This year’s Grammy nominations have been debated to death already, despite being out for less than a week, but a few nominations continue to stick out beyond of the classic deserving-or-not question — perhaps most conspicuously, those songs nominated via live and alternate versions. In this year’s nominations, for example, Kelly Clarkson received a nod for Best Pop Solo Performance for “Piece By Piece (Idol Version),” a live rendition of her 2015 single that was released this February after she performed the song on the 15th season of American Idol. And in Best Rock Performance, both Alabama Shakes, with “Joe (Live From Austin City Limits),” and Disturbed, with a cover of Simon and Garfunkel’s “Sound of Silence” performed on Conan O’Brien’s talk show in March.
Those versions are just a few of the one-off renditions of songs nominated among the larger Grammy fields, while some of the smaller niche categories (Gospel and Christian in particular) are littered with them. But it’s not as rare of a phenomenon as one might think.
In 2015, for example, Sam Smith took home the prestigious Record of the Year and Song of the Year awards with “Stay With Me (Darkchild Version),” a remix of Smith’s original released as an EP with the single’s debut; it’s only the second alternate version ever even nominated for Record of the Year and the second victor in Song of the Year (Eric Clapton‘s “Tears In Heaven,” from his MTV Unplugged album, won both in 1993). Because songwriters, not necessarily performers, receive nominations for Song of the Year, multiple covers of single songs have been nominated in the past in the same year: “I Swear” in 1995 by country singer John Michael Montgomery and R&B group All-4-One; “I Can Love You Like That” the following year by the same two artists; and “How Do I Live” in 1998 by both LeAnn Rimes and Trisha Yearwood.
For Album of the Year, live releases are a little more common; Johnny Cash‘s landmark At San Quentin received a nod in 1970 and Peter Frampton‘s blockbuster Frampton Comes Alive! was nominated in 1977 (losing to Stevie Wonder‘s Songs in the Key of Life), while Harry Belafonte‘s back-to-back Carnegie Hall releases received nods in 1959 and 1961 and The Three Tenors in Concert 1994 was nominated in 1995. In terms of winners, Unplugged albums from Clapton (1993) and Tony Bennett (1995) actually took home the award, and live albums Judy at Carnegie Hall (Judy Garland, 1962) and Concert For Bangladesh (George Harrison and others, 1973) also received the honor.
Individual genre nominations, as would be expected, contain many more alternate, live and remixed versions of tracks, particularly within rock, metal and pop. Most recently, Smith lost Best Pop Vocal Performance for his Darkchild remix in 2015 to a live version of Pharrell‘s “Happy,” with a live version of John Legend‘s “All of Me” also nominated in the category. In 2013, Adele‘s live rendition of “Set Fire to the Rain,” recorded at Royal Albert Hall in London, kept her 21 win string going with a victory in the same field.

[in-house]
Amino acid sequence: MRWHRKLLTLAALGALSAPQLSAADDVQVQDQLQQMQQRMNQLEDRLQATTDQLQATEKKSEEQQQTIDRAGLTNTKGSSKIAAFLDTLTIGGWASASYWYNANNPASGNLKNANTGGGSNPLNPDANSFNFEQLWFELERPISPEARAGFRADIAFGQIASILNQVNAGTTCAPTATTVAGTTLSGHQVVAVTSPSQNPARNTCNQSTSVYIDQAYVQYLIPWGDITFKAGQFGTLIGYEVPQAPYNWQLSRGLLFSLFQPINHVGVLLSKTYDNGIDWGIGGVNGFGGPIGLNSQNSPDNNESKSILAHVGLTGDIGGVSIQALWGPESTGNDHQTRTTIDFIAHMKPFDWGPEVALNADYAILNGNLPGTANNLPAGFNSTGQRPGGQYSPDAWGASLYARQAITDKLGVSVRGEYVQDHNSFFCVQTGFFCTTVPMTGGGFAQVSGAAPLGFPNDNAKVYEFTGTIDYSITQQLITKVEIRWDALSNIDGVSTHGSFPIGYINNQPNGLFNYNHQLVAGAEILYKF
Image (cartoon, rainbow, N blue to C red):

Now-defunct gendered pop performance categories also served up nominations (and wins) for Elton John (“Candle In the Wind (Live 1986)” was nominated in 1988), Roy Orbison (“Oh, Pretty Woman (Live 1987)” won in 1991), Sting (“Fragile (Live)” was nominated in 2003) and Sarah McLachlan (“I Will Remember You (Live)” won in 2000), while a live version of Beyoncé‘s “Halo” was nominated in 2011 after its studio version won the previous year. Michael Bublé (Michael Bublé Meets Madison Square Garden, 2010), Bennett (Unplugged in 1995) and Patti Page (Live at Carnegie Hall in 1999) all scored victories for Best Traditional Pop Vocal Album; Barbra Streisand, Rosemary Clooney and Rufus Wainright all picked up nominations there as well.
Within rock, the “classic” artists such as Clapton (almost all stemming from Unplugged, save a 2010 Best Rock Album nomination for his Live from Madison Square Garden release with Steve Winwood), Led Zeppelin and Jeff Beck all got live nominations, as did the John Mayer Trio with their live LP Try! in 2007. Metal has been similar; Ozzy Osbourne, Black Sabbath, Iron Maiden, Judas Priest and Metallica sit alongside Nine Inch Nails, Ministry, Pantera and Hatebreed with live nominations for Best Metal Performance.
For a genre actually known for its remixes, only a few alternate songs or albums have ever won or been nominated in the rap categories over the years: iLoveMakonnen’s “Tuesday” remix with Drake got a nod for Best Rap/Sung Collaboration in 2015, though the original was never officially released; Beyoncé’s “Ego” remix feat. Kanye West was nominated in the same category in 2010; the closest other one may be “Numb/Encore,” a mashup from Jay Z and Linkin Park‘s collaborative album Collision Course which won Best Rap/Sung Collaboration at the 2006 awards.
But R&B has been fairly well-represented, with Luke James and Rick Ross‘ “Options (Wolfjames Version)” nominated for Best R&B Song in 2015 and Erykah Badu‘s Live (1999), Alicia Keys‘ Unplugged (2006) and Lalah Hathaway‘s Lalah Hathaway Live album this year all nominated for Best R&B Album over the years. Beyoncé’s “Me, Myself & I (Live)” was nominated in the now-defunct Best Female R&B Vocal Performance category in 2009.
While this is an incomplete list, it serves to show the variety of secondary versions of songs and albums that the Grammys have nominated over the years. Whether Disturbed, Alabama Shakes, Kelly Clarkson or Lalah Hathaway will prevail this year will be decided when the Grammys take center stage on Feb. 12. And check out the Spotify playlist of some of these tracks below.